Thomas Trotter * * * *
at Symphony Hall
Review by David Hart
Organ music with added visuals is not a new idea, although it can be surprisingly effective when done imaginatively. This collaboration between Thomas Trotter and visual artists Kathy Hinde and Susan Sloan was certainly interesting to look at, and more importantly sounded terrific.
Trotter’s playing was awesomely impressive throughout, and the surround-sound electronic creations of Peter Batchelor, used to link items in the first half of the programme, were brilliantly conceived and powerfully exciting.
In terms of matching appropriate images to specific sounds, however, or offering some sort of visual interpretation, the results were less persuasive.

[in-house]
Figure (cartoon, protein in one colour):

Arvo Part’s Annum per Annum worked quite well, with its shots of organ pipes representing a fixed theme viewed from different perspectives, as Part does musically with his cantus firmus; and a 14th century Estampie, crisply articulated by Trotter, was suitably illustrated by stylised catacombs, although they hardly reflected the music’s vitality.
Trotter gave a superb account of Messiaen’s nine-movement La nativite du Seigneur, with registrations that made the Klais organ sound as Gallic as a Cavaille-Coll. Visually though it was all tedious New Age secularism – hands in water, flowery symbolism and slow-motion dancing – rather than a credible response to Messiaen’s essential Christianity.
The most successful fusion of sound and image came in Ligeti’s ground-breaking Volumina, a work that more than any other exploits noise expressively. Here, Trotter’s virtuosity – hands and arms as agile and precise as a wrestler’s, registration thrillingly engineered – was convincingly enhanced by abstract shapes and textures projected on to the three screens like a giant oscilloscope. With even larger screens the impact would have been totally overwhelming.